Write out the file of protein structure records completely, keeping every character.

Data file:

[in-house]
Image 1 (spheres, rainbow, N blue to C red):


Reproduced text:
[in-house]
Image 1 (spheres, rainbow, N blue to C red):